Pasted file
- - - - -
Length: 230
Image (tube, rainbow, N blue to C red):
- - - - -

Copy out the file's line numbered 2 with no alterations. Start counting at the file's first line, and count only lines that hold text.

Image (tube, rainbow, N blue to C red):